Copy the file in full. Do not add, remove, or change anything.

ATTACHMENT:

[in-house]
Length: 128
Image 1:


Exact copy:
[in-house]
Length: 128
Image 1: